Platform: Nintendo DS
Publisher: Namco Bandai
Developer: Namco LTD.
Release Date: 3/13/07
From crossword puzzles to jumbles to word finds and anything else in between, I’ve always loved traditional pen-and-paper puzzle games and brain teasers, and even with a DS Lite, PSP and GB Micro I’ll still find just as much on-the-go enjoyment picking up a puzzle book to work on during a road trip as playing any of the latest portable gaming devices I own. Growing up on Highlights magazine (and various other children’s catalogs), one of my favorite puzzle games as a kid were those “can you spot the difference?” picture puzzles that gave you two near-identical images side by side and challenged you to compare the pictures and pick out and circle the subtle differences between the two. The concept was (and still is) incredibly simple, but that made it no less entertaining.
Building upon this classic picture puzzle concept, Namco Bandai has brought forth QuickSpot, an ingenious new DS puzzle game that follows in the vein of Nintendo’s Touch Generations line of budget brain-testing games, such as Big Brain Academy, Brain Age and Sudoku Gridmaster, and actually trumps them all, in my humble opinion. Just like the traditional “spot the difference puzzles”, QuickSpot tests your recognition and reflexes as two pictures are put in front of you – one on the top screen and the other on the bottom – and you must pick out and circle the differences in the bottom picture using the stylus. Better yet, Namco has infused the game with artwork images from some of its most renowned gaming franchises, such as Katamari Damacy, Mr. Driller, Ridge Racer and Klonoa (along with a variety of random imagery), all of which is colorful and extremely eye-catching.
The core mechanics of these picture puzzles function no differently than the pen-and-paper method, but through the power of videogame technology QuickSpot throws in new twists that simply aren’t possible in a magazine or on the back of a cereal box. Following the traditional route, Focus Play mode provides an unlockable set of 140 different images with 10 differences to find at your own pace in each. Where things start to get interesting is in Rapid Play mode. Through five levels at 10 stages apiece, a series of images with only one mistake each are fired at you in rapid succession and you must complete a specified number of pictures in the given time period.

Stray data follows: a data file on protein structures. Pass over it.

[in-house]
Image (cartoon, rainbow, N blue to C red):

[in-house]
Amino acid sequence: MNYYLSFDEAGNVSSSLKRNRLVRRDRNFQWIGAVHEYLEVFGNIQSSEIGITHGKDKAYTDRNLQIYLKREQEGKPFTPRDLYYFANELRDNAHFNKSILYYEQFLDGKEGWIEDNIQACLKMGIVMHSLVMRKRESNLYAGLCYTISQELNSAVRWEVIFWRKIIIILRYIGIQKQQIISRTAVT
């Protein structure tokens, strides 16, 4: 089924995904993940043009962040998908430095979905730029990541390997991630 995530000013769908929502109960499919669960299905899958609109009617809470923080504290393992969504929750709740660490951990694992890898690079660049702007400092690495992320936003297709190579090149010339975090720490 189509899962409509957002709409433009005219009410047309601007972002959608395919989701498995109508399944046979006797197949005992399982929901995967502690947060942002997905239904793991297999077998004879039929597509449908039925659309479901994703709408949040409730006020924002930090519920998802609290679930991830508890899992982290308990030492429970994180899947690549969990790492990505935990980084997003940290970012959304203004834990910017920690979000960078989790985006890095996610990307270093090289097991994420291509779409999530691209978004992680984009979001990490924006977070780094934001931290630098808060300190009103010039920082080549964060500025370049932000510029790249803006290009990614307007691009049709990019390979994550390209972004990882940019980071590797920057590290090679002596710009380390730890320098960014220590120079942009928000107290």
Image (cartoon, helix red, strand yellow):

At the end of each stage, your Brain Activity is charted on a graph, rating you on attributes like intuition, concentration, judgment, stability and recognition based on your performance. Your stability rating, for example, is rated based on how fluid your circles are drawn under pressure, while recognition is gained by drawing circles to match the size and shape of the targeted object rather than roughly drawing a disproportionate circle, and so on. Solving puzzles in good form will reward you with medals that go towards unlocking additional special stages with unique twists, such as pictures with animations, scrolling images, or images that are flipped around or cut into pieces.
As each of the five main levels elapses, new challenges are also introduced to spice up the challenge, including puzzles that first require you to quickly rub away a film obstructing view of the bottom image or blow away a pile of leaves blocking the screen (and continue to blow to keep the leaves afloat until you find the difference), and some that show a completed object in the top screen and the parts that make up that object individually scattered around the bottom screen, with you needing to circle the item that doesn’t fit in with the others.
If those modes weren’t enough, there is also a goofy Today’s Fortune mode in which you can complete puzzles and get your fortunes for the day in categories like work, money, romance and health, and a clever suit of multiplayer games. Similar to “hot potato”, Time Bomb has up to eight players frantically passing around one DS, each circling a picture difference and handing the system onto the next person, and whoever has the system in hand when the bomb explodes loses the game. Scramble mode, on the other hand, is a more head-to-head style of mode, allowing up to four players to wirelessly compete to see who can circle the difference in a series of images the fastest for points. Single-card download play is also supported for Scramble play, which is a very nice touch.
Overall, I really don’t have anything negative to say about QuickSpot whatsoever – it looks, sounds and plays marvelously. I can envision some players becoming a bit tired of the simplistic and somewhat repetitive nature of the puzzle mechanics after a while, because even with the different play modes and stipulations you’re still just drawing circles the entire time. But honestly, every single time I popped this game into my DS I was glued to the screen for hours on end, constantly telling myself after each level “just one more puzzle and I’ll stop”, yet I still couldn’t put the damn thing down until my eyes literally started to burn. At a sweet budget price of $19.99, addictive gameplay like that makes QuickSpot a perfect travel companion and a must-buy for DS puzzler fans.